I was born in Huddersfield, West Yorkshire, UK, at a very early age. There were six of us but by the time I came into the world, three of my brothers and sisters had already left home so I grew up with just an older and a younger sister. I started at my first school, Beaumont Street School when I was five years old and moved to the high school, Fartown Secondary Modern School, when I was eleven. My school days ended at the Easter break in 1967.

Two days after leaving Fartown School I started work in the grocery department in Heywoods supermarket on Market Street, Huddersfield. That only lasted for six months though as the store burned down on 2nd November, 1967 after a fire started in Santa's Grotto. By this time the wheels had already started rolling for me to enlist in the navy, but in the meantime I got another job at Cowlings grocers on Shambles Lane.

On 10th December, 1967, I signed on the dotted line and joined the Royal Navy. Now, after nearly thirty years service, fighting for my country, travelling around the world, and living at various places throughout the UK, I have returned to Yorkshire and dropped anchor in Huddersfield. During my time in the navy a lot of things happened, including getting married and having three children. We separated in 2004 and were divorced in 2006 and after twenty eight years of marriage I started living the single life again, (although this time around it's not as much fun as what it used to be).

I'm not interested in the rubbish that is shown on the TV these days so I spend more time than I should in front of the computer. (As a retired ex serviceman who isn't working, I have a lot of time on my hands).

That's how I've ended up here telling the whole world my life story.


And there's the proof - I DID smile once. Back in 1968!


HMS Raleigh
10 December, 1967 - 11 February, 1968
HMS Raleigh is the Royal Navy's training facility at Torpoint, Cornwall. All new recruits complete their initial training here before moving on to specialist training at other establishments.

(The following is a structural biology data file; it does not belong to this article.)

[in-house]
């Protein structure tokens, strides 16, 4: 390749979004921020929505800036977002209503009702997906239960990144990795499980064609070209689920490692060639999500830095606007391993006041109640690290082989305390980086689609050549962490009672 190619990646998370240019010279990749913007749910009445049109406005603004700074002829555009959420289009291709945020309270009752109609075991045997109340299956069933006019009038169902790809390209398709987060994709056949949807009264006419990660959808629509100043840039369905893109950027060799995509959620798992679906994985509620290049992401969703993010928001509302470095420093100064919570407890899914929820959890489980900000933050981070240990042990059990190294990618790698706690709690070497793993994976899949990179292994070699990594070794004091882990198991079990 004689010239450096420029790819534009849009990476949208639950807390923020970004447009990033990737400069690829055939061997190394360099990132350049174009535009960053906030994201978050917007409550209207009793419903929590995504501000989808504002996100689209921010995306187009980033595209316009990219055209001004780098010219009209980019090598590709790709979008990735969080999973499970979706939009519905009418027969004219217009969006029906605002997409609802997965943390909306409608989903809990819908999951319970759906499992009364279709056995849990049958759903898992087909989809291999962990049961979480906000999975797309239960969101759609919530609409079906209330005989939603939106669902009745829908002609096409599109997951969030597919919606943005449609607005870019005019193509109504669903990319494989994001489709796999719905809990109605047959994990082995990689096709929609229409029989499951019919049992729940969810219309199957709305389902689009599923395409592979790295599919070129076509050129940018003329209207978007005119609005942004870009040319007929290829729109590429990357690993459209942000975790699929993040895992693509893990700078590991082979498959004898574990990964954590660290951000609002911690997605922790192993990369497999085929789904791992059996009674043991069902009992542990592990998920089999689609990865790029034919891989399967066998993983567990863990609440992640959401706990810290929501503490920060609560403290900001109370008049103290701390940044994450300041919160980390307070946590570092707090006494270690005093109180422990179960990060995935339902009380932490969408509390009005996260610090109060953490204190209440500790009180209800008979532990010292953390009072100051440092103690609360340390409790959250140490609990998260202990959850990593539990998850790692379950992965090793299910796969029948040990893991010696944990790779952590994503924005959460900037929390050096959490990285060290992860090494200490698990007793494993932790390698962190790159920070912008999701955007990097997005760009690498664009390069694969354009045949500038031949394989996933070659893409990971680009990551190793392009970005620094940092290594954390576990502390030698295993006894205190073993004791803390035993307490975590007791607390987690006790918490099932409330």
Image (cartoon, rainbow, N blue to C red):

HMS Pembroke
12 February, 1968 - 13 May, 1968
HMS Pembroke, the Royal Naval Barracks at Chatham, was the training establishment for ratings of the Supply and Secretariat branch. This is where phase two 
specialist training took place.

HMS Dryad
14 May, 1968 - 26 January, 1969
HMS Dryad, at Southwick Park, Portsmouth, was a shore training establishment where the Royal Navy's Maritime Warfare School was based. (The school closed in 2004).

HMS Eagle
27 January, 1969 - 13 April, 1971
HMS Eagle was an aircraft carrier in service from 1951 to 1972. Along with her sister ship, HMS Ark Royal, she was one of the largest ships ever built for the Royal Navy.

  • Monday, 27 Jan, 1969: Joined HMS Eagle from HMS Dryad.
  • Wednesday, 05 Mar, 1969: HMS Eagle recommissioned at Devonport.
  • Friday, 07 Mar, 1969: Sailed from Devonport for sea trials.
  • Monday, 24 Mar, 1969: Arrived at Devonport.
  • Wednesday, 02 Apr, 1969: Sailed from Devonport for work-up period.
  • Fri, 18 Apr, 1969: Anchored off Lossiemouth. Leave granted but due to bad weather we were stranded in Lossiemouth for two days.
  • Monday, 21 Apr, 1969: The ‘Great Eagle Airlift’: Nearly 1,000 officers and men were heli-lifted back on board and we sailed from Lossiemouth for a ten-day exercise period.
  • Sunday, 27 Apr, 1969: Turned south, bound for Portsmouth.
  • Wednesday, 30 Apr, 1969: Arrived at Portsmouth. Ten days leave granted.
  • Friday, 23 May, 1969: Left Portsmouth. Commenced preparations for Operational Readiness Inspection.
  • Friday, 12 Jun, 1969: Anchored in Plymouth Sound. Weekend leave granted.
  • Monday, 16 Jun, 1969: Left Plymouth Sound, bound for America.
  • Saturday, 21 Jun, 1969: Sod’s Opera on the flight deck.
  • Friday, 27 Jun, 1969: Arrived at Norfolk, Virginia, USA.
  • Saturday, 05 Jul, 1969: Left Norfolk, Virginia.
  • Wednesday, 09 Jul, 1969: Arrived at Boston, Massachusetts, USA.
  • Monday, 14 Jul, 1969: Left Boston, Massachusetts. Homeward bound.
  • Sunday, 20 Jul, 1969: Arrived at Plymouth Sound. Secured to ‘Charlie’ buoy.
  • Wednesday, 23 Jul, 1969: Embarked Commander-in-Chief Admiral Sir John Bush, KCB, DSC. HMS Eagle moved to Weymouth Bay.
  • Saturday, 26 Jul, 1969: HMS Eagle leads the Western Fleet to sea. Passage to Torbay.
  • Monday, 28 Jul, 1969: H M Queen Elizabeth arrived at Torquay and embarked in Royal Yacht Britannia.
  • Monday, 28 Jul, 1969: HMS Eagle Wardroom Mess Dinner attended by Her Majesty the Queen, the Duke of Edinburgh, Prince Charles and Princess Anne.